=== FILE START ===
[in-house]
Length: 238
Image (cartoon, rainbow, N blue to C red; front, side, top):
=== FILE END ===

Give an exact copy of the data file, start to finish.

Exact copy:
[in-house]
Length: 238
Image (cartoon, rainbow, N blue to C red; front, side, top):